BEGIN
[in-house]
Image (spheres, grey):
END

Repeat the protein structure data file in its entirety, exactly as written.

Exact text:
[in-house]
Image (spheres, grey):